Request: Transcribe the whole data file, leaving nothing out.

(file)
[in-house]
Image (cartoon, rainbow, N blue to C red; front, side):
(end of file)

[in-house]
Image (cartoon, rainbow, N blue to C red; front, side):